This doesn’t mean that there may not be a few necessary changes to the professor-student relationship. Administrators are the current employers of graduate labor, but faculty members write the recommendation letters that are vital for the students’ future employment. This power can be abused, and graduate unions rightfully take some (but only some!) of these prerogatives away from professors. Like every group whose privileges come under threat, some professors will complain. But we suspect the complaints will be almost all over the teacher-assistant relationship, and very few over the mentor-mentee relationship.
Professors will lose the discretion to favor teaching assistants with better appointments, to punish less-favored graduate students by giving them harder and educationally irrelevant classes, and to require assistants to work longer than is reasonable. Those changes sound beneficial for graduate-student education.
What’s more, collective-bargaining agreements liberate professors from having to administer the labor contract. University administrations tend to see professors as lower-level managers, and, under current circumstances, that is not entirely wrong. But academics should not be in the business of working out contractual issues like how to deal with family leave. Using up mentor-mentee time trying to chase down a visa or begging a provost for a teaching exemption is a waste of everyone’s time, and it is an invitation to favoritism.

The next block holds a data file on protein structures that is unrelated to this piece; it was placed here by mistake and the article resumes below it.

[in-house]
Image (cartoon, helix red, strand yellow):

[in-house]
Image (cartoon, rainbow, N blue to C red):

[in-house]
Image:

Indeed, the interpersonal cluelessness pervasive in academe becomes downright destructive in the professor-assistant context. We have both had to deal with the fallout of graduate-student ill-treatment by other faculty members, hardly what we have been trained for. A union would provide a formal grievance procedure, decide whether the case warranted bureaucratic escalation, and deal with it institutionally, a much better channel than seeking out the ill-equipped junior faculty members. Taking all of this out of professors’ hands is not only fairer to graduate students, it gives the professors more time to focus on the primary task: educating their students.
If graduate students can form and maintain a democratic union, many of the results will serve the educational mission. Graduate students should not be content to take temporary, low-paying employment with uncertain future job prospects; they come to the university to start a career of mastering the cumulative best of the stock of human knowledge.
With unionization, it is possible that fewer of them will have to teach classes of no relevance to their education or fulfill onerous and precarious teaching responsibilities, freeing time for research and dissertation writing. Their interest in fostering relationships with their advisers and peers, who actually matter for their research, will be preserved. No union of graduate students would want to tear those bonds apart — and no professor should want to.